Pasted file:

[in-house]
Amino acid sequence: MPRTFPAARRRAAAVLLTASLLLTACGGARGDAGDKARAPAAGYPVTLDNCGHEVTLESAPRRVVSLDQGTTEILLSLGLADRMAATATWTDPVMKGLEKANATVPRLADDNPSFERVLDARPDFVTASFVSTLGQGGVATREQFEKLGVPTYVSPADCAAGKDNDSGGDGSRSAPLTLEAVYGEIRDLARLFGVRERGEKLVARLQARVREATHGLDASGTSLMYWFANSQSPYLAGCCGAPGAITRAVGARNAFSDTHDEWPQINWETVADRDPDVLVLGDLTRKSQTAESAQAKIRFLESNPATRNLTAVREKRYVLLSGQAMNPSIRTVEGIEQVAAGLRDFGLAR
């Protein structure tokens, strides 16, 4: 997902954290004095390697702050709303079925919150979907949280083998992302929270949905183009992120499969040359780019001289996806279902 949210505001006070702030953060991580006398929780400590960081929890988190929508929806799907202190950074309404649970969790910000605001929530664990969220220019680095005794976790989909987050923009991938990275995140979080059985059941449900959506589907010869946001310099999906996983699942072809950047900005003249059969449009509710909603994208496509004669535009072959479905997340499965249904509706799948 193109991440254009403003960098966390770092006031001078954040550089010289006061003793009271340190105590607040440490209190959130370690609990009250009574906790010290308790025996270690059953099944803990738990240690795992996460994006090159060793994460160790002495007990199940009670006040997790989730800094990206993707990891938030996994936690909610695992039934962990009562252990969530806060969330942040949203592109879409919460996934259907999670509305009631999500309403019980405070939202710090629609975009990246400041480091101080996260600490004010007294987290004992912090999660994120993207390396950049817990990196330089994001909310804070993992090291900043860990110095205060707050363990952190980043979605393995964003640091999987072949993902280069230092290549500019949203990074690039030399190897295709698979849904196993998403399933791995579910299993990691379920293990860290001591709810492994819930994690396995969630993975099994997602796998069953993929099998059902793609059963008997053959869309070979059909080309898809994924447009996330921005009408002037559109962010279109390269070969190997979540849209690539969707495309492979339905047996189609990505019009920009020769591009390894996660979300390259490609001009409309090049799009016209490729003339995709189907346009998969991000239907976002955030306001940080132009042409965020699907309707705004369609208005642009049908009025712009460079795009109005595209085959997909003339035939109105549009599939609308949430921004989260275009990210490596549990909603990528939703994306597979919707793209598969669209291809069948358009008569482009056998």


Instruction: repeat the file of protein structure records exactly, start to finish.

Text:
[in-house]
Amino acid sequence: MPRTFPAARRRAAAVLLTASLLLTACGGARGDAGDKARAPAAGYPVTLDNCGHEVTLESAPRRVVSLDQGTTEILLSLGLADRMAATATWTDPVMKGLEKANATVPRLADDNPSFERVLDARPDFVTASFVSTLGQGGVATREQFEKLGVPTYVSPADCAAGKDNDSGGDGSRSAPLTLEAVYGEIRDLARLFGVRERGEKLVARLQARVREATHGLDASGTSLMYWFANSQSPYLAGCCGAPGAITRAVGARNAFSDTHDEWPQINWETVADRDPDVLVLGDLTRKSQTAESAQAKIRFLESNPATRNLTAVREKRYVLLSGQAMNPSIRTVEGIEQVAAGLRDFGLAR
């Protein structure tokens, strides 16, 4: 997902954290004095390697702050709303079925919150979907949280083998992302929270949905183009992120499969040359780019001289996806279902 949210505001006070702030953060991580006398929780400590960081929890988190929508929806799907202190950074309404649970969790910000605001929530664990969220220019680095005794976790989909987050923009991938990275995140979080059985059941449900959506589907010869946001310099999906996983699942072809950047900005003249059969449009509710909603994208496509004669535009072959479905997340499965249904509706799948 193109991440254009403003960098966390770092006031001078954040550089010289006061003793009271340190105590607040440490209190959130370690609990009250009574906790010290308790025996270690059953099944803990738990240690795992996460994006090159060793994460160790002495007990199940009670006040997790989730800094990206993707990891938030996994936690909610695992039934962990009562252990969530806060969330942040949203592109879409919460996934259907999670509305009631999500309403019980405070939202710090629609975009990246400041480091101080996260600490004010007294987290004992912090999660994120993207390396950049817990990196330089994001909310804070993992090291900043860990110095205060707050363990952190980043979605393995964003640091999987072949993902280069230092290549500019949203990074690039030399190897295709698979849904196993998403399933791995579910299993990691379920293990860290001591709810492994819930994690396995969630993975099994997602796998069953993929099998059902793609059963008997053959869309070979059909080309898809994924447009996330921005009408002037559109962010279109390269070969190997979540849209690539969707495309492979339905047996189609990505019009920009020769591009390894996660979300390259490609001009409309090049799009016209490729003339995709189907346009998969991000239907976002955030306001940080132009042409965020699907309707705004369609208005642009049908009025712009460079795009109005595209085959997909003339035939109105549009599939609308949430921004989260275009990210490596549990909603990528939703994306597979919707793209598969669209291809069948358009008569482009056998």